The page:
WASHINGTON — Kepler Communications, a Canadian startup designing a low-Earth-orbit constellation for satellite connectivity, says its first satellite is performing as expected following last week’s launch on China’s Long March 11 rocket.
Kepler’s triple-cubesat satellite was one of six satellites that China Great Wall Industry Corp. launched Jan. 19 from China’s oldest spaceport, the Jiuquan Satellite Launch Center in the Gobi Desert.
Nicknamed Kipp after a robot in the 2014 sci-fi movie “Interstellar,” the 30-centimeter by 10-centimeter by 10-centimeter nanosatellite is the first of two demonstration satellites Scotland’s Clyde Space built for Kepler, which aims to deploy a constellation of 140 satellites to connect devices on Earth and in space.
Kipp is the first Canadian satellite launched on a Chinese rocket, and according to Clyde Space and Kepler, also the first commercial low-Earth-orbit (LEO) satellite to use Ku-band frequencies.
Kepler co-founder and CEO Mina Mitry told SpaceNews in a 2017 interview that one of the advantages of being a Canadian company is the freedom to launch from a wider range of vehicles than U.S. startups, which are barred from Chinese rockets by U.S. export-control laws. Dutch company Innovative Space Logistics arranged the launch of Kipp.
Kepler is one of 11 companies that followed OneWeb in asking the U.S. Federal Communications Commission for Ku- or Ka-band spectrum rights to provide non-geosynchronous satellite services in the United States.
The company is only the second of those 11 to launch a prototype satellite. Telesat, the Canadian satellite fleet operator, was first, launching a LEO smallsat built by Britain’s Surrey Satellite Technology, Ltd. on an Indian Polar Satellite Launch Vehicle that lifted off Jan. 11.
Mitry told SpaceNews by email Jan. 17 that Kipp is designed to last two years but is expected to stay in orbit 17 years before deorbiting from atmospheric drag. The satellite does not have its own deorbit system, he said.
Mitry said Kepler has pilot customers for Kipp who plan to use the satellite for “store and forward” backhaul, meaning the satellite will collect customer data as it passes over assets and store it in onboard memory until it passes over a ground station ready to accept the downlink.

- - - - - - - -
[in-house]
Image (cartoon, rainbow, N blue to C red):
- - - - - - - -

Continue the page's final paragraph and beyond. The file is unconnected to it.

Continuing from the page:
“There are companies out there putting hard drives on helicopters and flying them around because there aren’t alternatives to transport bulk data,” Mitry said in a press release. “This standard practice will gradually be replaced by affordable connectivity solutions like ours to move data from remote locations, simplifying logistics and improving business sustainability in the long term.”
Mitry told SpaceNews that Kepler’s first satellite will be able to connect marine vessels, oil & gas platforms, mines, agriculture fields, and other businesses that are not latency-sensitive. Industrial Internet of Things (IoT) sensors and operators of very small aperture terminals seeking to limit their use of more expensive geostationary links can also use Kipp, he said.
Connecting devices on Earth is the initial focus of Kepler’s business, to be followed by intersatellite links that connect other spacecraft around the planet. Kepler says its satellite will eventually be able to connect other satellites, space stations and space transport vehicles.
Kepler’s second demonstrator, Case, is launching later this year and will include upgrades based on lessons learned while designing Kipp. Mitry said Case (named after another “Interstellar” robot) won’t test intersatellite links. “That comes later in our roadmap,” he said.
Like Telesat, Kepler has yet to place a large satellite order for its megaconstellation. Clyde Space was hired only for Kepler’s first two satellites. At least two other companies anticipate having megaconstellation spacecraft in orbit this year. A SpaceX official said in October that the company planned to have the first of its 4,425 LEO broadband satellites launching “within the next few months,” and OneWeb’s first launch for its first-generation, 720-satellite fleet is scheduled for May on an Arianespace Soyuz.
More direct competitors for Kepler include Adeline, Australia-based Fleet and Vancouver, Canada-based Helios Wire, both of which have two IoT-focused satellites expected to launch this year.
Clyde Space said Kipp took 12 months to design, build and ship. Additional mission partners include: Bright Ascension, Comtech EF Data, Kongsberg Satellite Services, Innovative Solutions in Space, Nextologies, Enclustra and Comtech EF Data’s AHA Products Group.